PPAC is proud to have printed some of the photographs in David Mitchell’s show at Jim Kempner Fine Art gallery in NYC.
Minimalist David Mitchell creates works of art that are almost architectural, then photographs them.
“It’s about displacement, rebuilding and reconstructing,” says Dru Arstark at Jim Kempner Fine Art. “It’s about juxtaposing one shape upon another.”
His career started in the early ‘80s in London, Florence and Milan. In 1991 he moved to Hong Kong to shoot for fashion labels like Christian Dior and Laura Biagiotti, working almost exclusively in black & white to create a signature style with conscious echoes of Jacques-Henri Lartigue. While his work appeared in Vogue and Elle, he began to build a roster of clients like Singapore Airlines, Mercedes-Benz, Sony, Hong Kong Bank and Ericsson.
By the mid-1990s, he’d begun to branch out into a more personal, abstract form of photography. His images follow the rudiments of Concretism, an art form from the 1940s that’s about the inventive play of lines, planes, and color, and the building and layering of materials.
“The camera is like a paintbrush to him,” Astark says. “His work is collage-like – it feels like a painting, or a silkscreen or lithograph, but it has a luminosity because it’s photography.”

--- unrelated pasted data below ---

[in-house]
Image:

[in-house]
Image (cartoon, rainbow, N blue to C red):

His is a perspective largely influenced by aura occurrences associated with temporal lobe epilepsy. “Auras can produce heightened abstract emotions, affecting the visual field,” the photographer says. “Perspective becomes distorted and there strangely can be a sensation of a third party presence as if there is something almost ‘alive’ in the scene.”
The end result is a photography that evokes the work of Rothko in its shimmering vibrancy.
“It’s a very different form of photography,” says Astark. “Asking him about the process is like asking a magician how he makes his magic. And it’s not the process that’s important anyway – the end result is where the art is.”
An exhibition of 15 of his photographs is on display at Jim Kempner Fine Art, 501 West 23rd Street in Chelsea, through May 5. Click here to view some of his work and for more information.